Uninsured? Hope you can wait…

Editor's note: This post is the first of two posts related to the health care safety net to coincide with Colorado Safety Net Clinic Week, August 22-26, 2011.

Gustavo came to visit before going to grad school in Washington, but he became sick with a dull, sustained pain in his abdomen that soon escalated into sharper pain. He didn’t have health insurance, and his school health plan wouldn’t be active until the semester started.

Like most 21-year-olds, I know little about navigating the health care delivery system or how the uninsured may (or may not) receive care.  I called three safety net clinics in Denver. After waiting on hold for fifteen minutes each time, I heard the same thing:

“We can’t take new patients, so we’ll have to put him on a waitlist. It’s two to three months long.”

No one gave me a referral or suggested any options. How could anyone wait that long to see a doctor? I have health insurance, and when I need to schedule an appointment at my medical home, I typically get seen within three days.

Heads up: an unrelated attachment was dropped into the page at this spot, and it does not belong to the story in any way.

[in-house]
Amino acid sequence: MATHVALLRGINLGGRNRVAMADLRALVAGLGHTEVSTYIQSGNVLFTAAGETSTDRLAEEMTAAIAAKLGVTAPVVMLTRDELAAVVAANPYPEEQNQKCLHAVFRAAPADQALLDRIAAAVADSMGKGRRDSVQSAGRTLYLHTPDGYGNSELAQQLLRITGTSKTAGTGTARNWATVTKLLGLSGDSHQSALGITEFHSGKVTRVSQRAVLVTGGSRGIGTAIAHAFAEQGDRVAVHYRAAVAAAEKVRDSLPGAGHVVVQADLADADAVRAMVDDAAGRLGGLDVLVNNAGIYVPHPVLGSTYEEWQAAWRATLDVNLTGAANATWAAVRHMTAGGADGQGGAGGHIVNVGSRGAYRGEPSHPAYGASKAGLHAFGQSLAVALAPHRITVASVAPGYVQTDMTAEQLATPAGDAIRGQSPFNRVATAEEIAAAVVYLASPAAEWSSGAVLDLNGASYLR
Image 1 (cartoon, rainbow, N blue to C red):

After working for two months at CHI, which monitors and studies Colorado’s safety net system, I have a better understanding of the reasons behind this discrepancy.

Safety net clinics in Colorado, which treat the uninsured, the underinsured and those on public health insurance programs such as Medicaid and the Child Health Plan Plus (CHP+), have dwindling resources at the same time they are facing a growing patient pool because of the economic downturn.  These clinics often don’t have the resources to accommodate all those who seek care.

One type of safety net provider, community health centers (CHCs), treats a third of all Medicaid enrollees, a quarter of individuals enrolled in CHP+ and a third of the uninsured. Almost 20,000 Coloradans were on a CHC waitlist in February, according to an article by the Colorado Community Health Network. Thousands more could be on waitlists for other types of providers.

Gustavo’s condition intensified, and he considered going to an emergency department (ED), but the cost was prohibitive. Gustavo was experiencing first-hand what millions of people in the U.S. face every year: the choice between risk and money that causes many to gamble with their health.

This story has a happy ending. Gustavo improved during the rest of his Colorado stay, at least enough to avoid the ED. After getting coverage and being treated in Washington, he is much better now. I can’t help thinking, though, about all those still waiting.

Westley Mori is a research analyst at CHI.